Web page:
But what Renkl is doing is something else, and it’s not practicing empathy. It’s indulging in self-serving condescension that confuses the signaling of liberal ideology with empathy (with a bit of white savior complex thrown in the mix). It’s identity politics masquerading as compassion.
Luckily for Renkl and her conscience, the hit-and-run perp turned out to be a worthy villain: “As it turns out, she is white, a professional with advanced degrees, and fully insured. I could stop fretting about my own moral culpability.”
But this doesn’t stop her from finding others morally culpable. When she takes the car to a body shop for repair and a mechanic tells her he sees a lot of hit-and-run accidents, some caused by uninsured illegal immigrants, she assumes he is a racist.
But could it also be that he’s seen less privileged people than Ms. Renkl suffer harm from hit-and-run drivers, some of whom happen to be illegal immigrants? No, Renkl assures us, he’s likely a victim of false consciousness and a defective conservative brain. “Conservative voters today are no doubt being manipulated by a political machinery that has long recognized their vulnerability to fear and revulsion,” she writes.
If Ms. Renkl is concerned about the plight of illegal immigrants, there is a great deal of real action—as opposed to moral posturing—that she can take. She can vote for politicians in local and national elections who share her views. She can volunteer or give her money to any number of immigration reform and immigration activist groups that work on behalf of legal and illegal immigrants in the U.S. She can even sponsor an immigrant who wants to come to the U.S.
There is nothing wrong with feeling compassion for people who risk everything to come to the United States, whether they get here legally or illegally. There is also nothing wrong with believing that sovereign nations need rules-based immigration policies and safe borders.
But the hollow, performative empathizing prevalent among liberals like Renkl is how Democrats running for president have nearly all ended up arguing that anything less than open borders is cruel and racist. It’s why they seem incapable of distinguishing between illegal immigrants and legal immigrants (and discussing how immigration law and the immigration process can be reformed to better handle our current humanitarian crisis at the border).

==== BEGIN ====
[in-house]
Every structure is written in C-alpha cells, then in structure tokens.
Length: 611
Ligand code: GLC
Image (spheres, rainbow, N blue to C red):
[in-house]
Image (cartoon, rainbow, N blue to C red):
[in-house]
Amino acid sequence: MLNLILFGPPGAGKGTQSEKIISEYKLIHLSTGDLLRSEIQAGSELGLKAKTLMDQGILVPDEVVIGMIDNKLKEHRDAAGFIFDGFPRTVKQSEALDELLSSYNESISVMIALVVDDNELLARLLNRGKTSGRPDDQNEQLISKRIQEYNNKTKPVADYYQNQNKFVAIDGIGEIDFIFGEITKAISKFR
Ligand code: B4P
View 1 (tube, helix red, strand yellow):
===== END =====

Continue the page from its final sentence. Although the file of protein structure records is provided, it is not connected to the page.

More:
Making thoughtful distinctions is more important than ever given the abhorrent rhetoric about immigrants coming from President Trump and amplified by extremist voices in the conservative media. Referring to people at the border as an “invasion” or “infestation” is reprehensible and anathema to our country’s principles. It’s also dangerous. As Bret Stephens noted recently, such fear-mongering might attract viewers on cable news and appeal to many among Trump’s base of supporters; but it also motivates people like the Walmart shooter in El Paso, Texas.
Countering such hateful rhetoric by arguing that immigrants should not be held responsible for their actions is, however, deeply misguided. It is itself a kind of condescending racism to assume that people who aren’t born in this country shouldn’t be held accountable for their actions. If we are to continue to be a thriving nation of immigrants and a nation of laws, then we need to repair the frayed civil compact by not compromising the humanity of our immigrants or the integrity of our laws.